Skeleton season starts with ICC top sixes
GB Skeleton kicked off the new season with successive top sixes courtesy of Marcus Wyatt’s efforts in Intercontinental Cup (ICC) action at the weekend.
Wyatt grabbed back-to-back wider podium places as he finished sixth in each of the opening two races on the sport’s second-highest circuit in Whistler.
The 25-year-old from Devon, who already has ICC and North American Cup medals to his name from his first season in skeleton, was in the top three fastest starters in all four runs across the two races and he showed real consistency on one of the world’s most difficult tracks.
Fellow Brits Maddy Smith and Kim Murray competed in the women’s competition, with Smith 12th and 14th in Race 1 and 2 respectively. Murray, who was making her ICC debut after success on the Europa Cup circuit didn’t finish the first race after a crash that prevented her from taking part in the second race on Sunday. She has since been given the all clear from the medical team, however, and will compete next weekend when the ICC circuit moves on to Calgary.
“It was a solid start to the season, especially for Marcus,” said GB Skeleton’s Head of Performance, Danny Holdcroft.
“His consistency throughout the weekend was a definite positive and his start times gave him a very positive platform to work from. Maddy’s start times were also very strong - like Marcus, she was in the top three for all four runs - and, considering she hadn’t had much training time at the track having been in Pyeongchang for the International Training Week, it was another solid showing overall.
“Kim had her difficulties on what is a notoriously tough track to slide on your first visit but she’s in one piece and I know she’s already looking forward to getting back out on the ice in Calgary this week, where she can perform very well.”
Marcus Wyatt was 6th, 5th, 4th & 10th in his four runs at the weekend
Murray, Smith and Wyatt are all strong examples of the strength in depth currently within the GB Skeleton squad, something Holdcroft is particularly pleased with.
All three of those athletes could yet make it to the Olympic Winter Games in February of 2018, despite the fact that they are only in their second full season of competition and have the Olympics in Beijing 2022 as their primary focus.
That should act as a massive confidence booster and an extra incentive but Holdcroft insists the key to their success will be focussing on what is needed to keep improving on the road to Beijing, rather than on the results required to get to Pyeongchang.
“The development programme has really stepped up over the last 12 months. There’s a real pressure coming through from below the World Cup team now,” added Holdcroft, who has been with the programme since 2005 and has therefore seen a number of big names progress through the ranks.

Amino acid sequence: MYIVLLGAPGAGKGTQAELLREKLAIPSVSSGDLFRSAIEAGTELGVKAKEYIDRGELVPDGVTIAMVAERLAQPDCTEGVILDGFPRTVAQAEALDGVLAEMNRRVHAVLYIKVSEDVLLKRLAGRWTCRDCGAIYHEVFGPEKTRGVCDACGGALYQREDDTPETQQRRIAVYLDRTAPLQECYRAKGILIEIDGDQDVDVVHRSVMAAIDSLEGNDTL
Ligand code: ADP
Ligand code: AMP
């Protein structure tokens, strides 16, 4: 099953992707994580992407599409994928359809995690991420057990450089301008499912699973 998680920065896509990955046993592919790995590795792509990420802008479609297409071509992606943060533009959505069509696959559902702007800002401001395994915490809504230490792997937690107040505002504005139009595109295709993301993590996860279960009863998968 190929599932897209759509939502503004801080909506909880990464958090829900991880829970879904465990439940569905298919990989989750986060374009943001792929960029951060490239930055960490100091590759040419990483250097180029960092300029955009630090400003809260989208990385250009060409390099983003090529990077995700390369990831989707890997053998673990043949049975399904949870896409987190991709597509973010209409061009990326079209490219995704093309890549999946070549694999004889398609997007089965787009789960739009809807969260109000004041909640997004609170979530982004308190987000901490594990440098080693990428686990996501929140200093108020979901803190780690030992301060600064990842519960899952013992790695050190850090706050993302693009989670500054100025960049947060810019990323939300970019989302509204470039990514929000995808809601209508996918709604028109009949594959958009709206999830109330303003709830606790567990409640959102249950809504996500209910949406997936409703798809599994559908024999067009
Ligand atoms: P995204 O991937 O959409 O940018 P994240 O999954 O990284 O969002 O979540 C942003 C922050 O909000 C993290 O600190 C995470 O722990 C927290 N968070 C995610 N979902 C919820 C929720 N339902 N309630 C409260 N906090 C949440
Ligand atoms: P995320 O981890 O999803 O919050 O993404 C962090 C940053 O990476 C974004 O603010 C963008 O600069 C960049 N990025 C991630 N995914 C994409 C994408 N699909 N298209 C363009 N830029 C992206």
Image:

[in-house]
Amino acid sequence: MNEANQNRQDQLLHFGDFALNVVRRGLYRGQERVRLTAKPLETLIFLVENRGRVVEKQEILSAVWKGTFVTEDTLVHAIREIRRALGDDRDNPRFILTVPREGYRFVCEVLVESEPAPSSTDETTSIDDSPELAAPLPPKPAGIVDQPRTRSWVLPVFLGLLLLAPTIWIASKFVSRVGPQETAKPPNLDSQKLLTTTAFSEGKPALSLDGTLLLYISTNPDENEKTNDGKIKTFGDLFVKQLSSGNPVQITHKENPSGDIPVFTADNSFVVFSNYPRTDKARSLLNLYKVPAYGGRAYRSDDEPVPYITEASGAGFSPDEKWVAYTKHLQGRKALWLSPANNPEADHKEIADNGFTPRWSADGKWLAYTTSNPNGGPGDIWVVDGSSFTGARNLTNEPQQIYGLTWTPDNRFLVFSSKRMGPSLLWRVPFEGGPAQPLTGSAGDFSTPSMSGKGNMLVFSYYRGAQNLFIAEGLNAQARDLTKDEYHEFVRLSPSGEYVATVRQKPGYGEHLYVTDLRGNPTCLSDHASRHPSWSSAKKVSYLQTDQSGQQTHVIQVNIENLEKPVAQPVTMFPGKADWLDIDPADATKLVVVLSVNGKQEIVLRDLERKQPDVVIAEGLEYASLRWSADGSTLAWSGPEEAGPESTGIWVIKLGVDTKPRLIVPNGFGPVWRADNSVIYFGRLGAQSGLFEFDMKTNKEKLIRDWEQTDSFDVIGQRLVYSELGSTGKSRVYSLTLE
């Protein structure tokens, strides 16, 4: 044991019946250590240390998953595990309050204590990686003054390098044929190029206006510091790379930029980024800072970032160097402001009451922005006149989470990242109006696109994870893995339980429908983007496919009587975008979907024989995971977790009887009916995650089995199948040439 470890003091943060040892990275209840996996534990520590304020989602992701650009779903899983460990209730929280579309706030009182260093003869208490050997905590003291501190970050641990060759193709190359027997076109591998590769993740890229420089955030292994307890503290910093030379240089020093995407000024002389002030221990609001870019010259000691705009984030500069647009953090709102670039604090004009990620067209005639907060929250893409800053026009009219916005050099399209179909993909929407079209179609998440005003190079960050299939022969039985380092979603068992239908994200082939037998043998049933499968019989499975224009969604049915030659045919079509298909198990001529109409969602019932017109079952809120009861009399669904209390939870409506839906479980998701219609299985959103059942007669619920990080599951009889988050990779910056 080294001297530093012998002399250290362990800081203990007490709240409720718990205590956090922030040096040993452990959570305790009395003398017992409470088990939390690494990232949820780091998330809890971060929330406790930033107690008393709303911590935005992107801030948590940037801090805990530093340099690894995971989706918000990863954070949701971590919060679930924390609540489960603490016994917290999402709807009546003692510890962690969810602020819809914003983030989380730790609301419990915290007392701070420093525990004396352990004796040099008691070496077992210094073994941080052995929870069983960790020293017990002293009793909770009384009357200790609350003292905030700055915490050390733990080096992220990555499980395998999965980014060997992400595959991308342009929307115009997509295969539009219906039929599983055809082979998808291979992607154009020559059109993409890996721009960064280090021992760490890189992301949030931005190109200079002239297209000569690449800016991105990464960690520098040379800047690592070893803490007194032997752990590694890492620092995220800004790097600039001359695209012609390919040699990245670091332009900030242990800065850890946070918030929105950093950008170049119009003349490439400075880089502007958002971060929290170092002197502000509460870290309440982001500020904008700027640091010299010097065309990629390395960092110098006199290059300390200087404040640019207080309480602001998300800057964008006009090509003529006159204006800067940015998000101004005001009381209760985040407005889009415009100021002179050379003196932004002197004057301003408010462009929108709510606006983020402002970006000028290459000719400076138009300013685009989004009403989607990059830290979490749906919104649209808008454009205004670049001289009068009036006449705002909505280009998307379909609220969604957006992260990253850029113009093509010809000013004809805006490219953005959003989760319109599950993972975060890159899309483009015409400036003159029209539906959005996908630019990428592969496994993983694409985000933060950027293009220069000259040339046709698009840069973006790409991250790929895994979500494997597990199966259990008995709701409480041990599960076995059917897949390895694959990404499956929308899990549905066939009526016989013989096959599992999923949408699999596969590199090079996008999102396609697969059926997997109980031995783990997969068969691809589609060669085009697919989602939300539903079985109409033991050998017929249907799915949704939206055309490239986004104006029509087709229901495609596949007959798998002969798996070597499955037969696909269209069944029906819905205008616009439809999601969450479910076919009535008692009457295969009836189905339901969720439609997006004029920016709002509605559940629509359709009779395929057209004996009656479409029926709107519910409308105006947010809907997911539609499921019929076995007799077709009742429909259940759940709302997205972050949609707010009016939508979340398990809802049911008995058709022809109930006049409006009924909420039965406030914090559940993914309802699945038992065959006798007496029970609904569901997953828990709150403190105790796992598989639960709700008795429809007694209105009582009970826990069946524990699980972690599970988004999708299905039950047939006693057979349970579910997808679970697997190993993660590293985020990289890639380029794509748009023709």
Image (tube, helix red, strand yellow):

Kim, Maddy and Marcus are all ahead of the game.
"We utilise opportunities to move people up and to test them if we think they’re good enough. That’s what we did we Maddy and Marcus last year when we dropped them into ICC to see where they were at. Sometimes, when athletes are on a roll and confidence is high and you move them up, they can kick on and get an acceleration in their progress. That’s exactly what happened to Lizzy Yarnold in the Sochi cycle.
“All three are chasing World Cup qualification criteria, even though they are still development athletes. To have that chance of stepping up to World Cup competition in an Olympic year is a big thing. However, the challenge for us as a programme is to say, ‘yes, that’s great and you do need to have your eye on that target but, unless you do the day in, day out stuff right, that’s not going to happen’. Proving you have the ability to compete is one thing, but doing it over a sustained period of time is slightly different.
When athletes get on to a new circuit, it’s natural to look at what’s above you straight away, especially in an Olympic year. But there is no need to rush things or to put too much pressure on themselves: they just need to stay patient and crack on with getting the process right on a regular basis and, off the back of that, the performances and results will come.
“That’s the mentality we’ve had in training over the last few weeks and for the first two races just gone and that’s what we want them to remember throughout the season. Their job is to keep their focus and momentum going. They are ahead of the curve and on track for their target of the Beijing Olympics. Pyeongchang is on the radar but Beijing is their bigger prize.”
Next up for the ICC team are Races 3 and 4 in Calgary this Sunday and Monday.
There is also the first instalments of World Cup action from this Thursday in Lake Placid, with the Europa Cup competition kicking off in Lillehammer on Saturday.